It’s been a storied five decades for Merlin’s Greenhouse & Flowers. See how the Hagemann family keeps this business thriving into a new generation.
In 1971 Merlin Hagemann applied for a job at Dick Foelske’s greenhouse in Oregon, Ill. “I was 17 years old, and the first question Dick asked me was ‘Did you ever want to own a greenhouse?’”
The idea had never entered Hagemann’s mind, but he quickly became Foelske’s right-hand man. Plans to enroll in Kishwaukee College the following year never came to fruition as Hagemann found himself even more invested in the success of the small business – which Foelske bought in 1961, but has likely been around since the 1890s.
“I worked for Dick a couple of years, then he wanted to get out of business, so I started renting it from him in 1974,” Hagemann says.
“In 1976 he said, ‘You want to buy it?’ and I said yeah. Dick trusted me. He carried me for the contract – who’s going to give a loan to a young kid who has nothing? He gave me a personal loan. I was bound and determined to make this thing work. My dad thought I was nuts.”
The first year was a challenge. Since Foelske had purchased the shop in foreclosure, the building still needed repairs, including a new roof. And he almost went out of business when a cabbage crop failed.
“The first thing you usually plant in a greenhouse is cabbage,” Hagemann says. “It’s an early crop. It grew really well for the first week and a half, then all the cabbage died.”
That was before the days of pre-mixed potting soils. Greenhouses had to get soil and enrichments from farmers, cook it, then mix in lighteners like perlite and vermiculite. After the cabbage died, Hagemann had the soil tested.
“We found out it came from where there was a chicken coop, and the manure from the chickens gave off a lot of nitrogen that killed the plants,” Hagemann says. “We had to totally get rid of that soil and start over. If we had transplanted everything into that soil, I probably wouldn’t be here today. We would have gone bankrupt, because the greenhouse pays most of the bills. Luckily, we caught it early.”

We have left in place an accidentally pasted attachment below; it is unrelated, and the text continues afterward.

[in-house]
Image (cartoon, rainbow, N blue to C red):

From Foelske, Hagemann learned that customer service and quality were the cornerstones of running a small business.
“No customer is ever wrong. If there’s a problem – even if the customer did something wrong – we always make it right. We do gift wrapping at no charge. We’re customer-oriented.”
Merlin’s offers same-day deliveries to several nearby towns on orders received by noon, and provides a personal touch to custom orders. Hagemann recently picked corn to add to the casket spray for a local farmer’s funeral.
Especially in a small town like Oregon, getting to know your clientele is vital. That’s why the greenhouse holds three or four open houses per year. The annual Christmas open house typically draws upwards of 1,000 people.
Hagemann enjoys taking time with customers, especially older folks who come in to socialize as much as to shop. “You don’t get that when you order from Amazon,” Hagemann says.
“You really have to be consistent in what you do,” he continues, whether it’s the quality of your products or your availability to customers. He’s seen other small businesses upset customers by not keeping regular store hours. “Set your hours and be consistent. You have to be there when you say you’re going to be there.”
For florists in particular, freshness matters. Merlin’s receives fresh flowers five days a week to ensure fresh inventory.
A couple of years ago, Hagemann was working with a new hire who came from another flower shop. “I said, ‘We clean the cooler out every Saturday, and if something looks halfway bad, we throw it away.’ And she said, ‘Gosh, we used to sell stuff like this in the other shop.’ It really surprised her what we threw away as far as quality.”
The biggest surprise of all about Merlin’s Greenhouse & Florist may be that Hagemann sold it in 1995.